11. To Shoot or not to Shoot

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Ayla had never been a great runner. Riding? Yes, she had enjoyed riding since her childhood. But running had never been her thing.

Now however, not even the famed runner Thersippus, who, according to Plutarch ran an entire day without stopping to deliver the news of Athens' victory over the Persians and collapsed dead after delivering his message, could compare to her speed. Fortunately, though, she didn't drop dead on reaching her destination.

Gasping, she stumbled up the last few steps of the tower stairs and out into the cold night air, just as Captain Linhart raised his arm.

“Ready your bows!” he shouted to the archers arrayed on the wall. “Nock your arrows!”

Then he noticed Ayla stumbling towards him and clutching the battlements for support, wheezing like an old pair of bellows.

“Ah, Milady. You're just in time to see us dispatch that rump-fed moldwarp.” He pointed over the battlements to a massive figure in red armor, driving a black stallion uphill so fiercely you might have believed the devil was behind him. The knight’s fist tightly gripped a rope leading another horse—a horse that Ayla recognized immediately. Behind the two animals followed not the devil, but a gaggle of soldiers, yelling terrible insults and curses. “He must have lost his mind, trying to attack a castle on horseback, without a single siege weapon,” Linhart snorted derisively. “But all the better for us. A mad enemy is killed quickly. He will soon be no more.”

He turned to his men.

“Mark! Draw!”

Twenty bowstrings were pulled back.

“Hold! Hold until he is in range.”

Behind him, knees wobbling from exhaustion and hardly able to get out a syllable, Ayla waved frantically in the attempt to get Linhart’s attention.

“Ssst… Nnnn dnn,” she gasped, but was too breathless to pronounce any real words.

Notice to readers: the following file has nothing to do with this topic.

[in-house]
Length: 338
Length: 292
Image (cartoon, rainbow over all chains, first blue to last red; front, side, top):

“What was that, Milady?” Linhart half turned back to her. “I'll attend to you in a moment, just as soon as we have sent this demon to join his master down below. A few seconds more and he will be in range. Hold... Hold...”


The word that burst from Ayla’s lips was quiet and breathless, but nevertheless perfectly understandable to everyone in the vicinity. Still, Captain Linhart and all the twenty bowman with bows still drawn gaped at her as though she had suddenly started spouting speeches in some heathen tongue.

“Excuse me, Milady?” said Linhart after a few seconds.

“Stop... I said... stop. I don't...” Ayla gasped for breath again, still leaning heavily on the battlements. “I don't want you to shoot.”

The eyes of the captain and his men wandered from the red knight to Ayla, and back.

“You don't want us to shoot him?”


“Just to be absolutely sure, Milady, you do not want us to shoot that rider in the red armor advancing towards the castle right now?”

“No.” Ayla shook her head, let go of the battlements and stood erect. “I want you to open the gates for him.”


“Don't worry Captain,” she said as forcefully as she could. “I know the man who is riding up that hill.”

“Err... forgive me for saying so, Milady,” the captain dared to object, “but I know him too. He has beleaguered us for the last few weeks, remember?”

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